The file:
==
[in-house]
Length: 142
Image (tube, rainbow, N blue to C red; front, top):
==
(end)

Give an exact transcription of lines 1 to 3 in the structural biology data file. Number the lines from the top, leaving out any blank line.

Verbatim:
[in-house]
Length: 142
Image (tube, rainbow, N blue to C red; front, top):